Stop hysteria and let school pupils get on with exams
During recent years, we have been regaled by parents, the media and, in some cases, the teaching profession of the terrible stress that children are suffering due to the final school years’ exams – in my day referred to as O-Levels and A-Levels.
I assume that these tests must have become much more difficult in view of the hysteria which is generated when the ‘exam season’ starts.
Do other people think, as I do, that there was none of this fuss when we took examinations in comparison to today?
Nowadays, when results are announced, television cameras record hysterical youngsters weeping and screaming to be filmed for posterity.
Accompanying parents are also on hand to be recorded in various states of emotion.
Is all this really necessary and has it occurred to other people that the kids would be better left to ‘get on with it’ as we were? I’m sure that the evident stress in pupils cannot be helped if adults continue to turn the whole thing into a circus.
I should also add that I think that the media, particularly television, has not been entirely without blame for this state of affairs.
Me, myself and I have differences
We are all aware that the standard of written and spoken English is rapidly deteriorating, which is attributed to a whole variety of reasons.
As far as I am concerned, ignorance and laziness just about cover it. Even the BBC doesn’t seem to know/care about the distinction between, for example, ‘I was sat’ and ‘I was sitting’.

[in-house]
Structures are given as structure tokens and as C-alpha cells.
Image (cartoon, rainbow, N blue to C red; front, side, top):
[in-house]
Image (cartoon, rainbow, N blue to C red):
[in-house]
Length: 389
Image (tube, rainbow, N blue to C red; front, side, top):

When teaching, I used to explain this by taking the verb ‘to shoot’ as an example and then pupils understood the world of difference
between saying ‘I was shot’ and ‘I was shooting’!
My latest bugbear is the overuse of the word ‘so’.
Even listening to supposedly well-educated people being interviewed on ‘serious’ television programmes, a great many people precede their responses to questions with the word ‘so’, mostly when it is totally inappropriate and unnecessary. Once you are aware of this, you will realise how very frequent it is.
However, the reason for my commenting is a quote I read from someone who should know better, having been appointed as a new head teacher: “Both myself and the leadership board are very clear on how we can improve...” What is wrong with “Both the leadership board and I...”? Even the word ‘both’ in this context is unnecessary!
This is a prime example of the opposite of good, clear, plain English which makes sense and is, unfortunately, gaining in popularity.
People seem hesitant to use ‘you’, ‘me’ or ‘us’.
I have had letters asking me to ‘contact ourselves’ [us], ‘if yourself would like to join us’ [you], ‘please return to myself’ [me] and these are just the tip of the iceberg.
I appeal to your readers to join me in trying to stem the tide of this misuse of our beautiful language.
Some may think it doesn’t matter, but I feel our native tongue is something of which to be very proud, and its very essence is being eroded as never before by the acceptance and consequent repetition of these ugly variations.
Every day, tens of thousands of people go to work at one of the 7,000 community businesses in England. Hundreds of thousands of us shop, visit or benefit from them directly, yet they are still relatively unknown.
Power to Change, the independent trust supporting community businesses in England, is once again organising Community Business Weekend (May 4-7) to shine a light on these community-powered gems that not only bring much needed services and spaces to a community but boost local economies and reinvest the profits for the benefit of local people. Pubs, libraries, housing, shops, farms, transport, and renewable energy are just some examples.
The Weekend is a unique opportunity for community businesses to invite local people to see behind the scenes, understand how they can get involved in running a business for community good and have a say in local decision making. Visit www.communitybusinessweekend.org to find out more.
Community Business Weekend 2018